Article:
EducationPrivate Schools

Parents on Atlanta’s Private Schools

At KNOWAtlanta, we understand that for parents relocating to Atlanta, finding the right school for their child is a top priority. Whether you’re moving from another part of the metro area, a different state or another country entirely, finding a private school that will be a good fit for your children can seem like a massive undertaking without a little help — especially with so many top, diverse schools in close proximity. As with many major family decisions moving can bring about, it’s helpful to note the experiences of families in similar situations who made it all work and are happily settled into their new schools.

To help ease the transition, we profiled parents whose children attend several of the metro area’s best private schools to share their family’s relocation experience and make your own search a little easier when it came to finding the prefect independent school for their children.

Pinecrest Academy
Alvin and Charlene Dougal changed their plan to move to Marietta, settling in Cumming, to be as close as possible to Pinecrest Academy. Their priorities for their children’s school involved strong academic programs, IB elementary and middle years programs, strong theater and drama programs, music and art programs and opportunities for athletics.

While Pinecrest was initially not in their price range and didn’t meet their IB school preference, they made an appointment for a tour and were enamored by the beautiful campus, school offerings, staff and faculty and sense of home they immediately felt. “We knew this place was very special and our children would not only receive a high quality education but also their very souls would be nurtured and they could live out their Catholic faith with confidence,” says Charlene Dougal. “They have always been in public schools and we had wonderful experiences with all the schools they attended up to this point, but now we had found something even more fulfilling than we had expected.”

The Dougal children, Rachel (age 14) and Charlie (age 11), are enjoying the gender-separate education, small class sizes, uniforms and all the clubs, activities, sports and opportunities for service that Pinecrest has offered them. “Don’t just checkout test scores,” Dougal advises. “Visit the school: How well are the children behaving? What other types of learning or opportunities do you want for your children?”

For Kathleen and Corey Korpita, parents of Milana (age 7) and Nico (age 4), looking for a new home in Sandy Springs was heavily inspired by a decision to enroll their children in Springmont. “We are a diehard Montessori fan family!” Kathleen Korpita says. “Finding a school that understood the development of the child as a whole person, including social responsibility and independent thinking, was the most important in the selection of our Montessori school. Having the ASI certified Montessori curriculum was a non-negotiable for us. Plus, Springmont offers their land school, which is an opportunity for the children to get in touch with nature and the reality of the ‘five great lessons,’ the foundation on which Montessori is based.”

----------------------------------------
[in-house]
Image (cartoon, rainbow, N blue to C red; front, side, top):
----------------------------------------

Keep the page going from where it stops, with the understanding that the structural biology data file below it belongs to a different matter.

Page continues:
While Milana is enjoying learning karate and Nico gets to connect with animals in the classroom, specifically parakeets, the Korpitas are happy to know that their children are being taught how to learn rather than simply what to learn. “Springmont affords kids the opportunity to make self-directed decisions while completing mandatory work,” Korpita says. “Working in human resources, I understand that the world kids today will function in 15 years from now will look nothing like it does at present. Springmont equips kids to make the best decisions for their development because it harnesses passion and allows for creativity.”

She advises parents to have their top three priorities at-the-ready to ask administration upon visiting the school. “Independent schools are a very personal choice and they drive values and behaviors that will shape our society,” she says. “Don’t be afraid to ask what you might think is a difficult question because the answer will either support your educational values or show you you’re definitely not in the right environment.”

The Lovett School
Kim Norgaard and Robyn Curnow relocated to Atlanta in August 2014 from Johannesburg, South Africa, to work for CNN and are enjoying living in leafy Buckhead close to their children’s schools. Freya, age 8, is in third grade at The Lovett School and their youngest daughter, Hella, attends another area independent school. “Our daughters were in independent schools in South Africa, however the schools were much smaller and more intimate environments than bigger, U.S. educational establishments,” Curnow says. “We wanted our girls to be cocooned, protected and not thrown into a totally strange culturally unfamiliar environment. The ease at which both girls transitioned into American life is testament to the care given at their schools.”

Due to long-distance research while they were still in South Africa, the family had no idea what to expect as far as locations and neighborhoods. They got advice from friends and colleagues to help read between the lines on school websites. But during their school interviews in January 2014, when Atlanta experienced “Snowpocalypse,” they found the best schools for their daughters. “What is key is that both girls have made wonderful friends — they both have a solid base of playmates who welcomed these little African girls with strange accents,” Curnow says. “That’s been the most comforting for the whole family; even though they’re a little bit different, both girls have been welcomed by their contemporaries. Their friends’ parents have also been incredibly patient and kind with us, helping us navigate the intricacies of the school calendars and explain strange American customs like carpool!”

Mt. Bethel Christian Academy